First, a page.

Here are some underwater images from the Falcon dive. Dark grainy photos but those are the conditions we deal with 200 feet below the surface.
After a long break between wreck dives I was back in the water again on Saturday with scret.org friends.
This time we were out in Lake Washington and diving the ‘Falcon’ – an early 1900’s passenger steamer that sunk in Lake Washington under unknown circumstances. The Falcon was built in Bellingham in 1908 and used by the Island Transportation Company for service between Bellingham and Anacortes. The Falcon was sold to the Kitsap County Transportation Company in 1913 and later retired from KCTC’s service in 1919.
How the Falcon made it to Lake Washington is unknown. It is likely that after 1919 it was transferred to Lake Washington as part of Captain John Anderson’s passenger ferry fleet. Around 1920 Captain Anderson (of Anderson’s Shipyard) was named superintendent of ferries by the county – he had been operating a number of passenger steamers on the lake for nearly 20 years (and would continue to do so as the I-90 Bridge was not completed until 1940).
The Falcon now sits upright on the bottom of the lake in 200 feet of water, north of Hwy 520’s floating bridge. It is in fairly good shape, though the wheel house is missing from the structure. This may indicate the Falcon was stripped then scuttled intentionally. The square windows of the Falcon are still framed in nicely and the bow & stern are both intact.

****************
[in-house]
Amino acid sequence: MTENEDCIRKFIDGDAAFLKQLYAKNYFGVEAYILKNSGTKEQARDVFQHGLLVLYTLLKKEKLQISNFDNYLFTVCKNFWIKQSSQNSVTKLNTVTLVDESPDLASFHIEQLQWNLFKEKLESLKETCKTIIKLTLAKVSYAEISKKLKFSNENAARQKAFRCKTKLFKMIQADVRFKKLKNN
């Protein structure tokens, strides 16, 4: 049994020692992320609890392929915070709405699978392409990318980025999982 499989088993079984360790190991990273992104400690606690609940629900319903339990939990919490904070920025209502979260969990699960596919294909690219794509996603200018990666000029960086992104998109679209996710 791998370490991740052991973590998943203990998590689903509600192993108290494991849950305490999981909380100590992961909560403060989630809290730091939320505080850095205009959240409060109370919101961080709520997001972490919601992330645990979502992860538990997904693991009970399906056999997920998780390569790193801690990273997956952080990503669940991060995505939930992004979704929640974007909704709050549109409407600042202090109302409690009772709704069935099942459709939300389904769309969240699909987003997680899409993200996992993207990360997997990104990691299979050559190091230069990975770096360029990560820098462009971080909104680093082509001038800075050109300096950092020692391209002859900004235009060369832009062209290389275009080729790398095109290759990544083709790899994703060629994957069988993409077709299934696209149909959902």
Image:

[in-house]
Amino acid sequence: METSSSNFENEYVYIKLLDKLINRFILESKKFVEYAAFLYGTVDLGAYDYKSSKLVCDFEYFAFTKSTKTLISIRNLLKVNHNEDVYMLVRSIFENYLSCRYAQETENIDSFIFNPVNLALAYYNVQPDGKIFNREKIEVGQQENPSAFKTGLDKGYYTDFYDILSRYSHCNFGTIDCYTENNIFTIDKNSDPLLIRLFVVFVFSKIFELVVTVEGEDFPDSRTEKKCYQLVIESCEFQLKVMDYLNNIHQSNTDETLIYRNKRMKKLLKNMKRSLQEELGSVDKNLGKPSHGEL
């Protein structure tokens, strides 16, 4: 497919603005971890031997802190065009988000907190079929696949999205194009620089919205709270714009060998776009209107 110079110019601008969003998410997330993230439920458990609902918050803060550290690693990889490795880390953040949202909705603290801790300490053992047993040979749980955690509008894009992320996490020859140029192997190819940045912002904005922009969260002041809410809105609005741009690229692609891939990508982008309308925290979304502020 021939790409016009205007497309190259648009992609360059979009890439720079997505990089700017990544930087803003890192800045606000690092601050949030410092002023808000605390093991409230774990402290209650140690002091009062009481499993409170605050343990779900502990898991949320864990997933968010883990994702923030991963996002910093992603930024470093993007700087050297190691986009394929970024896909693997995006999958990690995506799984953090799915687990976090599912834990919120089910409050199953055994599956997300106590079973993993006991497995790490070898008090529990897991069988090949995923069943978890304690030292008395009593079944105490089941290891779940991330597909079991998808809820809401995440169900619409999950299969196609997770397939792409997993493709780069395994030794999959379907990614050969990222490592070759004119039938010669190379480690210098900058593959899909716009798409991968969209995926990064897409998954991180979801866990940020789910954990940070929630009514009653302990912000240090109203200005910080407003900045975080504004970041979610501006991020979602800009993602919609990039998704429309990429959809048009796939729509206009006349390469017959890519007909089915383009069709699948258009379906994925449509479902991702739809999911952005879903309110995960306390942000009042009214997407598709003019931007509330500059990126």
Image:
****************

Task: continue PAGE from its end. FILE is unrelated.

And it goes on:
I’ve included a few photos with this entry: the first couple are the Falcon above water, the third is a 3D rendering of the Falcon today (forward cabin & pilot house missing) and the fourth is a sidescan sonar image of the wreck sitting on the bottom of the lake. Sidescan imagery courtesy of Innerspace Exploration.
A few months ago when I was out conducting side scan sonar work with Innerspace Exploration, we hit an area North of 520 that had a number of wrecks within close range of one another.
This area is generally known to the small group of local exploration divers, with the main wreck of the bunch being the YMS-359 – a US Navy Minesweeper that sits in 200ft of water and is about 135ft long. So I didn’t think too much of the information until last week when I sat down with the data and tried to match wreck names to target locations. As I matched coordinates to wrecks like Elfin, Urania, the previously mentioned YMS-359, Falcon, and Scout – I came up with one more set of coordinates than I had wreck names to match.
I bounced the general coordinates of this wreck off my friend Walter, who also has an extensive list of targets in the lake, and he couldn’t find a name to match either. So once again, I think we have a new target to explore…
The week of August 15th we’re going to make an exploration dive on the Coal Cars. I have wanted to hit these submerged targets for awhile, so we’re going to make a dive on them first. They are right up next to the 520 bridge, which can be really rough water depending on the wind conditions.
Post dive we’ll head to the new coordinates to confirm them one more time; and see if we can locate the wreck with a basic fish finder. If we confirm the position of the wreck, we’ll make a dive on it a short time later.